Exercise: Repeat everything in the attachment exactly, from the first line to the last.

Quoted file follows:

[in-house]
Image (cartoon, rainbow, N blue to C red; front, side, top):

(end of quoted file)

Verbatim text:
[in-house]
Image (cartoon, rainbow, N blue to C red; front, side, top):